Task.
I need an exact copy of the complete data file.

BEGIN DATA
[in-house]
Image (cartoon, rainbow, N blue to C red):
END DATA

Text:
[in-house]
Image (cartoon, rainbow, N blue to C red):